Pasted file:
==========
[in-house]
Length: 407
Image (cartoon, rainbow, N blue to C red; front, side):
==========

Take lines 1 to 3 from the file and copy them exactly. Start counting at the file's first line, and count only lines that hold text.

[in-house]
Length: 407
Image (cartoon, rainbow, N blue to C red; front, side):